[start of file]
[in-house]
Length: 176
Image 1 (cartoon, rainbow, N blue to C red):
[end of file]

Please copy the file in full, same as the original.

[in-house]
Length: 176
Image 1 (cartoon, rainbow, N blue to C red):